Home Improvement Need to Know

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From weekend DIY projects to lengthy home renovations, U.S. homeowners embark on home improvement projects to the tune of a collective $420 billion annually. If you are considering home renovations, you'll want the results you envision at a price you can afford. But before you head to the home improvement store or interview general contractors, there are some things you need to know.


Planning for Home Improvement

Whatever the size and scope of your project, planning is essential. Even something as simple as a new paint job requires measuring, equipment and research before getting started. Bigger projects will require a bigger budget and more foresight to get the work on the right track from day one.


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Prioritize Your Projects

Writing things down is essential. From a list of potential projects to the supplies you need to get them done, you don't want to wing it. You want a plan. Get yourself a fresh notebook or Google doc and start scheming.


If you have a list of items that you want to tackle, start by prioritizing according to certain characteristics of each job:

  • Safety​: Which projects are home repairs to correct an issue and make your home safer? Faulty wiring, a leaking water heater or moldy drywall are examples of hazards that you want to tackle first.
  • Rank:​ Classify what is a need and what is a nice-to-have. Rank by order of importance to you and your family. Consider which updates will add value to your home and which will enhance your life – or both.
  • Financial scope​: Which tasks can you take on financially right now, and which do you need to save for? Get a rough idea for now and get into details later.
  • Timeline​: When do you plan to start and finish these projects? If you're weighing backyard landscaping against new paint colors on your interior walls, timeline and time of year will matter.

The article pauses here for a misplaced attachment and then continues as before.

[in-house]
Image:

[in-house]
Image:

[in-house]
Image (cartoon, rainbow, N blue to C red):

Once you have an idea of what you'd like to accomplish, it's time to dig into the details and see how they affect your project list.

Estimate the Cost of Each DIY Project

Since you have a good list of all the things you'd like to do, it's time to get a better idea of what each one costs in more detail. Any DIY projects will involve getting an inventory of what supplies you already have and which ones you will need to purchase.


You may be surprised at what you find among the tools and supplies in your garage, shed or basement. Every useful item you already have is something you don't have to budget for.

Pricing a job will range in difficulty according to how detailed the job is and how much you must rely on outside quotes to get an accurate figure.


For small DIY jobs, like redecorating your living room or dining room, pricing may be as simple as putting together a wish list of furniture, accessories and paint options, and then shopping around for those items online. Or, if you want to add some DIY curb appeal, you can assess how much mulch, landscaping stones and plants you need, and produce a rough dollar amount.



Home Depot and Menards have online calculators that help you determine how much material you need for many projects. These tools can also inspire ideas or help you price out ideas you find on Pinterest.

Calculating the Cost of Larger Jobs

For a more complicated affair like a full bathroom remodel, an online price comparison will work for things like fixtures, tiles and flooring. While you may not know which exact faucet or light fixture you want yet, you can get an impression of which ones you like and how much they cost.


Unless you have the know-how to replace plumbing and drywall expertly, you may want to find rough estimates for what these services will cost you. And if you want a high-tech bathroom, you will need a professional who knows how to work with the latest gadgets.

You can contact a general contractor to get a ballpark estimate of the cost of labor and materials for larger projects. If you are not at that stage yet and are still deciding whether a particular project ends up on your list of priorities, you can do some preliminary investigative work online.



Before offering an online quote, many contractor websites and online home project calculators will request your personal information. In part, this is to collect your data as a potential customer. And it's also because it's difficult to estimate the cost without knowing more about your situation, expectations and goals.